Eco-Physiological Screening of Different Tomato Genotypes in Response to High Temperatures: A Combined Field-to-Laboratory Approach
|Článek v odborném periodiku
|Časopis / Zdroj
|Fakulta / Pracoviště MU
|heat stress; tomato genotypes; photosynthesis; crop yield; chlorophyll a fluorescence; Solanum lycopersicum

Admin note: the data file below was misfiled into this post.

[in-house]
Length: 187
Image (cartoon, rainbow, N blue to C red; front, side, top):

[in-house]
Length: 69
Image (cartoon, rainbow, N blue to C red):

|High temperatures represent a limitation for growth and development of many crop species. Several studies have demonstrated that the yield reduction of tomato under high temperatures and drought is mainly due to a photosynthetic decline. In this paper, a set of 15 tomato genotypes were screened for tolerance to elevated temperatures by cultivating plants under plastic walk-in tunnels. To assess the potential tolerance of tomato genotypes to high temperatures, measurements of chlorophyll fluorescence, pigments content and leaf functional traits have been carried out together with the evaluation of the final yields. Based on the greenhouse trials, a group of eight putative heat-sensitive and heat-tolerant tomato genotypes was selected for laboratory experiments aimed at investigating the effects of short-term high temperatures treatments in controlled conditions. The chlorophyll fluorescence induction kinetics were recorded on detached leaves treated for 60 min at 35 degrees C or at 45 degrees C. The last treatment significantly affected the photosystem II (PSII) photochemical efficiency (namely maximum PSII quantum efficiency, F-v/F-m, and quantum yield of PSII electron transport, F phi(PSII)) and the non-photochemical quenching (NPQ) in the majority of genotypes. The short-term heat shock treatments also led to significant differences in the shape of the slow Kautsky kinetics and its significant time points (chlorophyll fluorescence levels minimum O, peak P, semi-steady state S, maximum M, terminal steady state T) compared to the control, demonstrating heat shock-induced changes in PSII functionality. Genotypes potentially tolerant to high temperatures have been identified. Our findings support the idea that chlorophyll fluorescence parameters (i.e., phi(PSII) or NPQ) and some leaf functional traits may be used as a tool to detect high temperatures-tolerant tomato cultivars.